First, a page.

of pneumonitis," the
-Nixoo physician was not
present - to expand on that
disclosure but, hospital
spokesman Norm Nager con
firmed that the term meant
Nixon had pneumonia in a
The bulletin said Nixon has
a slightly elevated tem
perature due to the
pneumonitis and the presence
of a hematoma or collection of
blood on his left flank.
Now, with the Democrats in control of all
but two of those states Ohio and Michigan
the Republicans will face the 1976 presiden- ,
tial year with the weakest &b . ernatoriar
holdings since 1960. That was the year John f`.
Kennedy ended eight years of GOP tenure in
the White House.
Democratic winners included Alabama
Gov. George C. Wallace, who has indicated he
will make another bid for his • party's
presidential nomination in 1976.
The Democrats scored their biggest vic
tories in New York and California, crucial
states in presidential elections because they
are the nation's two most populous.
In California, Democrat Edmund Brown
Jr., defeatedi State Controller Houston Flour
noy. Brown, 36, who succeeds two-term
Republican Gov. Ronald Reagan, will be the
state's youngest governor in 119 years.
In New York, Democrat Hugh L. Carey's
victory over Nelson Rockefeller's hand
picked successor, Malcolm Wilson, ended 16
years of Republican control of the governor
The Democrats', sweep also led Ella T.
Grasso into the Cozinecticut statehouse the
first woman ever elected governor of a state
without succeeding her husband.
The other GOP-held statehouses won by
Democrats were Colorado, Massachusetts,
Oregon, Tennessee, Wyoming and Arizona.
Democrats retained control of Alabama,
Georgia, Florida, Oklahoma, Vermont,
Arkansas, Maryland, Rhode Island, Texas,
Nebraska, Pennsylvania, Wisconsin, Min
nesota, Idaho, South Dakota, Nevada, New
Mexico and Hawaii.
documents and as IBM competitors will describe at
the trial is a recognized indication of monoply," the
Justice Department said.
IBM, in a statement, issued from its Armonk, The government did not indicate how it wanted to
N.Y., headquarters, said, "like all briefs in an break up IBM's monopoly, but asked Edelstein to
advocacy proceeding, the Justice Department brief order a "restructuring." Trial was originally set to
presents only its Side." It said it could not make start Oct. 7 but the Justice Department needed
any other comment on the Justice brief "except in more time to present the documents made public
the form of its own brief." yesterday.
The government filed its suit in 1969, charging Attorneys for both sides will meet with Edelstein
that IBM had violated the Sherman Anti-trust Act. next Wednesday. The trial may take a year or more.
IBM and , the government have since been Con
ferring with Edelstein and each other in an attempt Geis er l Its 1972 profits were exceeded only by
to come to a consent agreement or narrow the areas General Motors and Standard Oil of New Jersey.
There was no word about
Nixon's reaction to the
Democratic sweep of the off
Former press secretary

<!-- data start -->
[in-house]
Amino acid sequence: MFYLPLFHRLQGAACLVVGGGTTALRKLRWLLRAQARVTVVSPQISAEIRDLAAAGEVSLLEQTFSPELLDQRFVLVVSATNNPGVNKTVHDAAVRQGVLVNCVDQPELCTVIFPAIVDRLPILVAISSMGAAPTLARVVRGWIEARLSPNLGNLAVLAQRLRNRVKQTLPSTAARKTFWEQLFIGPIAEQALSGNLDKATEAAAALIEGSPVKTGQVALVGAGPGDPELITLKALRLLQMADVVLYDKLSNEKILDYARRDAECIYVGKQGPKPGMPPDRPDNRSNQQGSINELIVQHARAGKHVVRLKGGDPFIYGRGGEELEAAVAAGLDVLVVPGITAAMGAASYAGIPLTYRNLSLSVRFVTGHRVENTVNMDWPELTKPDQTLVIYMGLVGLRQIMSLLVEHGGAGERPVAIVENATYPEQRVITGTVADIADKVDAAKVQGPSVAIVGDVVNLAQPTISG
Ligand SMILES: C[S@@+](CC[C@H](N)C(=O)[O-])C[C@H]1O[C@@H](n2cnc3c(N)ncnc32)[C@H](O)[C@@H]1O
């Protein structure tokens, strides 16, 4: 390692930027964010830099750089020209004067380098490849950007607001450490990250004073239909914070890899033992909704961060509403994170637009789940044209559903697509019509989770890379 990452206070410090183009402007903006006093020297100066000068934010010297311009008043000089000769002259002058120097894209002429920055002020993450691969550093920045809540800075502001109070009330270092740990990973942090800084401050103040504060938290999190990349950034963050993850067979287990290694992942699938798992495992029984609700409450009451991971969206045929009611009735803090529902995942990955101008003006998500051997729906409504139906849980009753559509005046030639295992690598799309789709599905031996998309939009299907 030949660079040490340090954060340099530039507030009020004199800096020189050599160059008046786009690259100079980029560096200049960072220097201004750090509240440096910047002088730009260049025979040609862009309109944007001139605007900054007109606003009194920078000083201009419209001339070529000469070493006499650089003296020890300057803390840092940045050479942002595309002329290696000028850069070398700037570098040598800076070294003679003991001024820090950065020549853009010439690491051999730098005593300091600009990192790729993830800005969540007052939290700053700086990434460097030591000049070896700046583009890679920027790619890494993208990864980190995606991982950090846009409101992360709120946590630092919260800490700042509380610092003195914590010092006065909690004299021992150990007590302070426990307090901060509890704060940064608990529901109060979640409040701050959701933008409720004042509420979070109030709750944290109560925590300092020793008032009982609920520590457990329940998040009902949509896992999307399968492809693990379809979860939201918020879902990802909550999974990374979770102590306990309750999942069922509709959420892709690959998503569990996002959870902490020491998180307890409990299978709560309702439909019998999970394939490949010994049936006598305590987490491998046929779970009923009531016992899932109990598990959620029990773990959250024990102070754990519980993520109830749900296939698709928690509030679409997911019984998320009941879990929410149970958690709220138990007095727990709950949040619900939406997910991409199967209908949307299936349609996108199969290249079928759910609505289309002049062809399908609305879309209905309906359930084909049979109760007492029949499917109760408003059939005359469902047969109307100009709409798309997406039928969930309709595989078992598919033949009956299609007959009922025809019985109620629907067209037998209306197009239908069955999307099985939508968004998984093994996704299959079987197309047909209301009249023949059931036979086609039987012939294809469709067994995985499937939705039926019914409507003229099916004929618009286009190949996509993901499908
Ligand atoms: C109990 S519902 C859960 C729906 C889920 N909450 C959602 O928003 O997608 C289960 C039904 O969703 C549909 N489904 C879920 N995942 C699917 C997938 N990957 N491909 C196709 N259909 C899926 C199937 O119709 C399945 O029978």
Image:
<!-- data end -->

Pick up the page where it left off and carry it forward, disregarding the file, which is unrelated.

Ronald Ziegler said Tuesday
that Nixon would not watch
the returns - on television
during the evening but would
be most interested in the
Lungren said the 61-year-old
Nixon wants to time his
walking activities so that he
can meet his family at the
door of his room and assure
them of his improving con
The former chief executive
was told that 12 to 18 other
patients at Long Beach
Memorial Hospital will be
moving into rooms on the new
seventh floor in the in
termediate care wing which
Nixon has had to himself.
Lungren said Nixon was "glade
to hear the news" and
requires daily assurances that
he is not inconveniencing
Fri - Sat - Sun
It's always harder at night!
"Your trouble la you're
ashamed of our body!"
The Dail• Collegian Thursday, November 1% 1974-
WASHINGTON ( UPl)—Ne
gotiating under pressure of
sporadic walkouts and an im
pending nationwide strike just
five days off, officials of the
United Mine Workers union
said yesterday they an
ticipated no progress in their
contract stalemate with the
Both sides said they were
bent on preventing a
prolonged strike that is to
begin officially at 12:01 a.m.
Tuesday. But few miners were
expected to show up for work
after the shift ending at 8 a.m.
Because the union's
ratification procedure takes
about 10 days, there was no
way a strike could be avoided
without government in
tervention or a breach in the
UMW by-laws. The UMW
refuses to work without a fully
About 750 coal miners
walked out of Indiana County.
Pa., mines and a local union
official credited it to discon
tent over the progress being
made in the contract talks.
Another walkout in Greene
County, Pa., was blamed on
concern over excessive noise
But the government's brief appears to attack all
major IBM markets as monopolistic including
hardware, software, and computer technology.
Waring Cinema $.75
Thurs., Fri. & Sun Sat.
Saturday Midnight Special Only $.50
Cq : :II 4114Gbi: /,1`11:74-)
118 W. College Ave./237-3351
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THEIAhINI3 OF PELHAM
ONE 'IVO I'HREE
Everyone read it. Now you can live it. t it
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BROP A WRNS COkwuraccovs cow*,
NIGHTLY STATE S
7:00-8:30-10:00 128 W College Are 237-7866 2:30-4:00-5: Sun.3o
levels of mine machinery.
UMW President Arnold
Miller showed up for talks
yesterday looking grim and
drawn. He told reporters he
was "not really" optimistic
about the prospective re
sponse of the Bituminous Coal
Operatorg - Association to a
union contract package of
fered late Tuesday night.
-*lt's going to take a con
siderable amount of tithe,': he
Miller had no comment on
the White House conference of
several governors set for this
afternoon to discuss the im
pact of a coal strike.
Miller had told UPI earlier
that government interference
in the negotiations could "add
two or three more weeks" to a
A prolonged strike _ would
cause large increases in
blackouts and cutbacks in
• The 120,000 UMW miners
covered under the BCOA con
tract produce about 70 per
cent, of the nation's coal—a
commodity which accounts
for about 18 per cent of the
nation's total energy supply.
TONITE - 7:30-9:45
'A CRUNCH, CRACKLE AND CAMP DELI6NTr
Jeffrey Lyons, WCBS Radio
TONITE - 7:00 & 9:00